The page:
For more specifics on COVID-19 in the state of Indiana, the Indiana State Department of Health provides regular updates here.

March 5, 2020

A new virus known as 2019 Novel Coronavirus (COVID-19) has been identified. This is a respiratory virus that affects your breathing and lungs. As we learn more about this virus, the Indiana Hemophilia & Thrombosis Center (IHTC) is working to make sure we will be able to provide ongoing care and support to our patients.

At this time, IHTC does not expect disruptions in our medical care. We do not expect that patients will have problems getting clinic appointments or getting supplies from the IHTC pharmacy. IHTC is taking steps to help reduce the spread of respiratory illness at our Center. 

Commonly Asked Questions

I have an appointment but I am not feeling well. Should I still come to my appointment?

If you have an appointment and are having signs of an illness like fever, cough, headache, vomiting or diarrhea, please call our office as soon as possible at 317.871.0000 (877.CLOTTER). We may need to change your appointment date and time.
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I am healthy but am worried about visiting clinic and being exposed to the flu or COVID-19. What is IHTC doing to help prevent the spread of illness in clinic?

Signs have been posted to let people know what to do if they are not feeling well when they arrive for a clinic appointment. IHTC staff will screen every patient who comes to clinic for these risk factors:

  • Whether the patient has traveled outside of the U.S. in the last 30 days, and where
  • Whether the patient has symptoms of fever, headache, weakness, fatigue, diarrhea or vomiting
  • Whether the patient has had direct or close contact (within 6 feet) with a patient who has these symptoms

If the patient is thought to have a virus that may infect other people, IHTC staff will:

  • Make sure the patient wears a mask 
  • Wear Personal Protective Equipment (PPE) as needed when working with the patient
  • Limit where the patient goes in clinic
  • Clean and disinfect all exam room surfaces and other common-use areas

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I am an IHTC pharmacy patient. What happens if I get sick and can't leave my house?

IHTC pharmacy patients should not expect any change of service during the outbreak of COVID-19. Please call the IHTC with any questions about how to get prescriptions in case of an emergency. You can reach the IHTC pharmacy at 317.829.7778 or 877.633.4639.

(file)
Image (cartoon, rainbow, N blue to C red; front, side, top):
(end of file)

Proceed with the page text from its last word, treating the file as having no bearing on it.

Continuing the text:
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What can I do to help prevent getting and spreading the flu and COVID-19?

Keep taking all of your prescribed medicine. Do not stop any medicine unless a provider tells you to.

From the Centers for Disease Control and Prevention (CDC):

  • Avoid close contact with people who are sick
  • Avoid touching your eyes, nose and mouth
  • Stay home when you are sick
  • Cover your cough or sneeze with a tissue. Then throw the tissue in the trash
  • Clean and disinfect frequently touched objects and surfaces, including cell phones, using a regular household cleaning spray or wipe
  • Follow CDC’s recommendations for using a facemask. The CDC generally recommends use of a face mask if you think you are ill - not to prevent illness
  • Wash your hands often with soap and water for at least 20 seconds. Always wash your hands after going to the bathroom, before eating, and after blowing your nose, coughing, or sneezing
    • If soap and water are not available, use an alcohol-based hand sanitizer. Make sure it is least 60% alcohol. Always wash hands with soap and water if hands are visibly dirty

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What else is the IHTC doing to help prevent the spread of the flu and COVID-19?

IHTC staff will follow the above CDC guidelines and will also:

  • Not come to work if they are sick
  • Observe U.S. State Department travel advisories
  • Use sound judgement regarding traveling within the U.S. or abroad for business travel to places that do not have a travel advisory
  • Seek approval for international travel for IHTC business

High quality patient care is very important to the IHTC. IHTC is paying close attention to the news about this outbreak. Please call 317.871.0000 (877.CLOTTER) for any questions or concerns.